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July 06, 2011

You're doing science with what?

Halo-Reach box art I didn't get much research finished during my first year as a university professor [1], but I did start at least one new project. This project is new and exciting and fresh! Plus, it's my first genuine foray into social science, meaning that I had to get IRB approval in order to do it and that my main collaborator on the project is a psychologist Winter Mason, at Yahoo! Research.

What is this project, you say? It's The Halo: Reach Project. Yes, you read that correctly: it's a science project about a video game [2]. Well, almost. In fact, the project is only tangentially related to the game itself. Like other scientific studies involving video games [3], the game is just a means to a scientific end, which in this case is to study certain types of human behavior "in the wild." In this case, we're interested in team dynamics in competitive environments, and Halo: Reach happens to be a very large-scale experimental platform about precisely that, with 688,375,259 (and counting) games and roughly 1,000,000 regular players. The scale of this data alone is interesting, but so too is the possibility of using it to learn something about the dynamics of competition [4].

Competition between teams is not just a fundamental feature of professional sports, but also a feature of the capitalist economy, with firms being teams, as well as modern political life and perhaps even violent conflicts like civil or international wars. Despite the generality of the idea, however, it is not a forgone conclusion that the dynamics of competition with Halo: Reach will tell us anything at all about competition in these other environments. But, the joy of being a professional scientist is the joy of being able to find out. Plus, I get to enjoy the odd looks people give me when they ask the perennial question "What are you working on now?" and I reply something like "I'm studying Halo, the video game."

If you play Halo: Reach, please help us out by taking the web survey. If you don't play but want to help, please help us spread the word [5].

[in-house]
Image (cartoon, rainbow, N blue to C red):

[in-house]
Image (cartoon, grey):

[1] Which reminds me, I should blog about how that went. Another day.

[2] Which are now classified as protected speech under the 1st Amendment by the SCOTUS.

[3] In fact, most of the scientific studies about the behavior of people inside game environments (in contrast with studies about behavior outside game environments), like my good friend Nick Yee's studies of Everquest and World of Warcraft, have focused on the MMORPG world. Halo: Reach can be thought of as a MMO First-Person Shooter (MMOFPS), and these have received comparatively less study.

[4] So in a sense, this is another example of a computational social science project.

[5] For instance, you could tweet about it, blog about it or even send the following message to (e.g., your undergrad or graduate) mailing lists:

Subject: Scientists studying team dynamics looking for Halo: Reach volunteers.

Do you play Halo: Reach?

The University of Colorado at Boulder is conducting a scientific study of Halo: Reach players on team dynamics within the game. The idea is to sort out, for instance, what role training alone has on team play, what impact playing with regular teammates makes on your (and their) performance, what role age plays in playing style, etc. To answer these and other questions, they need your help.

Here's how it works: you simply answer some questions about yourself (demographics) and about the way you play Halo: Reach and which gamertags you play with. The whole web survey takes about 10 minutes total. After that, if you're interested, they'll show you how your Halo: Reach service record stacks up against the universe of other Reach players.

Sign me up: https://www.cs.colorado.edu/haloreach/

More about the project: https://www.cs.colorado.edu/haloreach/about

posted July 6, 2011 03:32 PM in Scientifically Speaking | permalink | Comments (9)